Submission to Cordite 48: CONSTRAINT Open!

By and | 15 May 2014

Submission to Cordite 48: CONSTRAINT Now Open!

Poetry for Cordite 48: CONSTRAINT is guest-edited by Corey Wakeling. Submission is now closed for this issue, but open for Tracy Ryan’s Cordite 49: OBSOLETE.

That poetry be raised to a pulpit of freedom and then celebrated as a picaresque exploration of innate creativity slanders its name!

In my view, license is the first thing a police officer wants to see to identify you by – can you imagine what the officer who asks for your creative license intends!? Free verse: not a form but an exclamation – free verse! – an ongoing rally of incarcerated language to chance, the void, the future.

Discussions of constraint in poetic history often pertain to medium, frequently the page, events in poetic history articulating medium as a fundamental constraint. ‘[L]e vide papier que la blancheur defend’, ‘the white / Paper which the void leaves undefiled’, from Stéphane Mallarmé’s ‘Brise Marine’ (‘Sea Breeze’), is one of many examples of Mallarme’s rarefications of the white page. John Cage’s conceptualism is similarly rudimentary, and situates the constraint of artistic experiment as interlocutor of the unforeseeable: ‘An experimental action is one the outcome of which is not foreseen.’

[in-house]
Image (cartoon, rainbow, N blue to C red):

Is poetry’s key constraint the page? Or chance? Is it the concept, the idea? Or is it the physical? Ecological? Spiritual? Political? Circumstantial?

The experimental and the conceptual are not preferred poetic modes for submission. I invoke them here because they exemplify the most literal commentary on constraint and poetic practice.

Instead, my hope is you will write out of constraints personal and impersonal, sublime and stupid, abstract and creaturely. For some, this may be the moment to indulge in the constraint of formal verse. Crafting new claustrophobia through a sestina, a mesostic, or an Oulipean exercise like ‘N + 7’, is welcome. But the motif of constraint is also a repository of modern discontent: the panopticon, the shopping mall, the mind, the detention centre. Rimbaud thought even the I-voice was a poetic constraint, an-other.

I hope you’ll use this issue as an opportunity to intensify your work’s relationship to a constraint or constraint as such, admit its medium, and conjure a smile or grimace from its textual prison. Constrain yourself to submission!

Please submit only once, with a maximum of three (3) poems in one document (1) … but first, please read the submission guidelines.

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